Why do people from many other countries try to come to America—even in some cases, risking their lives to do so? What is the source of this nation’s greatness?
I think the single biggest thing that makes this country so great is that our founding document—the Declaration of Independence (upon which the Constitution is predicated)—says that our rights come from God. What God has given us, no man can take away.
John F. Kennedy said as such in his Inaugural Address: “And yet the same revolutionary beliefs for which our forebears fought are still at issue around the globe — the belief that the rights of man come not from the generosity of the state but from the hand of God.”
But long before 1776, if you look at the original charters and founding documents of America, we see over and over the mention of God and the Christian faith.
So much so that when the Supreme Court quoted many of those documents in the Trinity decision in 1892, they concluded with the words, “…this is a Christian nation.”
The Supreme Court marshaled a very rich argument, documenting in detail our nation’s rich Judeo-Christian heritage. I assembled an appendix of The Book That Made America: How the Bible Formed Our Nation built primarily on that Trinity decision. The facts are on our side.
For example, in the Mayflower Compact, the Pilgrims explained why they came here. They wrote: “In the name of God. Amen. We whose names are underwritten…having undertaken a voyage for the glory of God and the advancement of the Christian faith…”
Since the Pilgrims cast a long and positive shadow over so much of the future founding of the nation (even Thanksgiving is derived from them), you could say America began “in the name of God. Amen.” The Biblical concept of covenant gave rise to our two key founding documents, the Declaration of Independence and the Constitution.
When our founding fathers first met in the First Continental Congress in 1774, they decided to open up in prayer. And the Congress has been praying ever since. In fact, the founders created chaplains for our national and state legislatures and also for the military.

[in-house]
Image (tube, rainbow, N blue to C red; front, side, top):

If they thought that such religious activities violated their key principle that there would be no national denomination in America, they would not have created the chaplaincy system. Of course, all the original chaplains, decade upon decade, were Christian ministers.
Because of the Christian roots of America, people of all faiths or no faith are welcome here.
The founders wanted religion to be voluntary, not forced, but they wanted it to flourish. Freedom of religion gives freedom to all—including nonbelievers. Freedom from religion leads to state-sanctioned atheism and leads to non-freedom. Even the atheists fared badly in the failed Soviet Union, if they happened to disagree with the atheists in charge. Trotsky is an example.
George Washington said, “Of all the dispositions and habits which lead to political prosperity, religion and morality are indispensable supports.” That’s from his Farewell Address in 1796. He said that in a nation where 99.8% of the people professed to be Christians.
Our second president John Adams said, “Our Constitution was made only for a moral and religious people. It is wholly inadequate to the government of any other.”
Several years ago,TIME Magazine, wrote. “Ours is the only country deliberately founded on a good idea. That good idea combines a commitment to man’s inalienable rights with the Calvinist belief in an ultimate moral right and sinful man’s obligation to do good. These articles of faith, embodied in the Declaration of Independence and in the Constitution, literally govern our lives today” (“Looking to Its Roots,” 5/25/87).
President Eisenhower said in 1955, “Without God, there could be no American form of Government, nor an American way of life. Recognition of the Supreme Being is the first—the most basic—expression of Americanism.”
Ronald Reagan said, “America needs God more than God needs America. If we ever forget that we are one nation under God, then we will be a nation gone under.”
So in today’s highly secular age, where any mention of God is being actively banished from the public square, we should never forget that God has been a key part of America’s greatness.
This Thanksgiving, as we see the need for healing of the American soul and a need for America to return to God, at least we should be grateful for what He has done in our past. People are dying—in some cases, literally—to get into this country, so that perhaps they too can enjoy what we often take for granted every single day: freedom—which is a gift from our Christian forebears.